Peracute toxic effects of inhaled hydrogen sulfide ...
|Title||Peracute toxic effects of inhaled hydrogen sulfide and injected sodium hydrosulfide on the lungs of rats|
|Author(s)||Alfonso Lopez, M. G. Prior, R. J. Reiffenstein, L. R. Goodwin|
|Journal||Fundamental and Applied Toxicology : Official Journal of the Society of Toxicology|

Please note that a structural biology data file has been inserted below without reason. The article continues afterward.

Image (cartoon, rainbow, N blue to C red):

|Abstract||This study was designed to test whether intraperitoneally injected sodium hydrosulfide (NaHS) would mimic the pulmonary alterations induced by lethal peracute exposure to an atmosphere containing hydrogen sulfide. Groups of five Sprague-Dawley rats were exposed to an atmosphere of either 2317.6 +/- 547.3 mg m-3 H2S (H2S group) or no H2S (air group), or were injected intraperitoneally with a solution containing 30 mg kg-1 sodium hydrosulfide (NaHS group) or saline solution (vehicle control). Rats of the air and saline groups were killed by cervical dislocation. All rats exposed to H2S or injected with NaHS died within 3 min; however, only rats exposed to H2S showed severe respiratory distress in the agonic phase preceding death. In addition, rats in the H2S group had a notable discharge of serous fluid from the mouth and nostrils. At necropsy, all rats in the H2S group had gross and histologic evidence of pulmonary edema characterized by massive extravasation of eosinophilic fluid into the bronchoalveolar space. In contrast, the lungs of rats injected with NaHS or saline or exposed to air were unaffected. It was concluded that the edematogenic effect of H2S in the lungs cannot be reproduced by injection of NaHS. The severity of lung edema induced by a peracute exposure to H2S was extensive enough to account for death.|
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